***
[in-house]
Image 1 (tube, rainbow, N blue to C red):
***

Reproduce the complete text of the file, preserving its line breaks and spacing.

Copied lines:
[in-house]
Image 1 (tube, rainbow, N blue to C red):